Archive / January, 2015

Best Interests of the Children

Nearly thirty years ago, we began educating our children in the home. This was an era when home-education was mostly embraced by people at the margin and those tended to be unconventional types. Our motivation related primarily to our eldest daughter who was about to begin junior high. We had reservations about the social aspects of junior high (and the prevailingly negative, […]

State of Affairs

If you have yet to prepare your popcorn and drinks for the big shindig tonight, you’re burning daylight! Of course, I’m not talking about the annual State of the Union message … tonight is the premiere of the sixth – and final – season for Justified! (Now I can understand why some people might feel the SOTU […]

Numbering One’s Days

Let’s take an excursion into Imagination Land today! No, we won’t be delivered on board a red Grumman sea-plane, we won’t be greeted by either Ricardo Montalbán or Hervé Villechaize, and this will not be our once-in-a-lifetime opportunity to explore the fantasy of our choosing. (I’m much too practical for such a distraction as that.) What we […]

Pain, Suffering and Evil, Oh My!

An interview I read this week (conducted by World magazine’s Warren Cole Smith with writer/professor Bart D. Ehrman) seemed an apt reminder of Job’s struggle chronicled in The Book of Job. With his 2014 book How Jesus Became God, the once-evangelical Ehrman (now an outspoken atheist or agnostic, depending upon which resource is consulted) explains his personal rejection […]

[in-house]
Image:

Set a Spell

It’s easy to talk about how great education was a generation ago. People do it all the time, and they don’t even have to offer but maybe one or two anecdotes to “prove” what they see as the abysmal condition of education today. Now I’m not going to knock today’s education (nor am I going to […]

Disperse! Ye Shades of Night

Variously characterized as an “English writer and philanthropist,” “a British playwright, abolitionist and philanthropist,” “an Evangelical philanthropist,” “an educator, writer and social reformer,” poet Hannah More’s name is one with which I was unfamiliar. A contemporary of John Newton and William Wilberforce (among others) and a woman who mingled with many of London’s literary elite, More […]

Do Black Lives Matter?

One of the lead stories of this morning’s news was the monstrous traffic jam in Massachusetts I-93 caused by protesters, arms voluntarily inserted into sand- or concrete-filled barrels, positioned directly in the highway right-of-way reserved for vehicles. At least one report indicated the protesters wished to make a statement about “improving race relations” due to recent deaths […]

Live and Let Live?

Nobody needs to be reminded of the horror that took place last week in Paris. The uncertainty of possible copycat episodes in other places around the world causes each of us to doubly consider where we go, what we do and what we say. It’s not an ideal way to live, trying to think two steps […]

On The Trail

Winter isn’t my favorite season. Bracing against the cold gets more tedious every year. Climbing into our car the other day, I was all bundled up, arms full with purse, packages, etc. My Beloved urged me:  “Close the door, close the door!” He was in a hurry to go. Dismayed, I glared at him and […]

Reach Out and Touch

My mother-in-law phoned this morning. For many people, this might be an ordinary event. More often than not for me, phone calls from her send a tremor of worry through me. Because of her various life challenges, using the phone has become a complex operation; her dementia makes communication problematic, plus her hearing has diminished so she can’t always […]

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